Pathos In Bully

1021 Words5 Pages
Filmmaker Lee Hirsch, in his documentary Bully, claims that bullying needs to stop and that can only be done by the many and not the few. Hirsch’s purpose is to persuade people to fight back against bullying. Bully is directed in a somber and frustrating tone, which creates a depressed mood in the viewer. Lee Hirsch uses pathos as an effective tool in his documentary because the first-hand accounts of victims and their parents further encourages his audience to act on the fight against bullying. Lee Hirsch creates pathos through the structure of his film. Starting the movie with Tyler Long’s father describing his late son immediately instills empathy in Hirsch’s audience. The director does this to flood viewers with emotions from the initial…show more content…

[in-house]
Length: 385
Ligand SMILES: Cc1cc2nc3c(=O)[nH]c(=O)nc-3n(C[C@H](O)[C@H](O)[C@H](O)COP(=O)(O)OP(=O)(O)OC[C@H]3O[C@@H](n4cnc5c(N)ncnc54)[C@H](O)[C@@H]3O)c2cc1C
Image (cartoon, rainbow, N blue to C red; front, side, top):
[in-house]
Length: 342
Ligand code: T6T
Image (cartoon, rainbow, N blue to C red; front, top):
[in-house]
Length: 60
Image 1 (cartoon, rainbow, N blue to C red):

First, Principal Lockwood appears in the movie as something of a beacon of hope, leading the audience on to believe that this woman of authority should set things straight and stop Alex’s bullying once and for all. Maddeningly, that is not what happened, Principal Lockwood refused to see what Alex was going through as bullying at all. Her obliviousness convinces her to believe that bullying is taken care of at her school. When finally confronted by Jackie and Phillip Libby, all she could muster was that her students were as “good as gold” (Bully). This insinuates a pathos of complete anger and exasperation. This situation leaves the viewers wondering if the bullying problem was ever going to be recognized and solved. What Alex Libby went through is a paragon of how these situations take the many and not the few to solve. With filmmaker coercion and parent uproar, disciplinary action was finally dealt out to Alex’s abusers. Another opposition included is the sheriff working on Ja’Meya Jackson’s case. This girl should not have lashed out the way she did as she is an all-star in sports and an academically acclaimed student and yet one day on the bus she had enough of all the torture and held students at gun point. Instead of understanding Ja’Meya and her suffering, the sheriff chose to give his flawed opinion of what happened to Lee Hirsch. The sheriff’s logic of the whole event was reasonable until he added a qualifier to his previous remarks. His qualifier was that bullying is only physical violence and only physical violence warranted the gun on the bus. Director Lee Hirsch placed the sheriff’s scene in the movie so that the audience can discover the ignorance of what people think bullying is. Bullying is much more than just the physical aspect of things and what the sheriff fails to see is that bullying can wreak havoc
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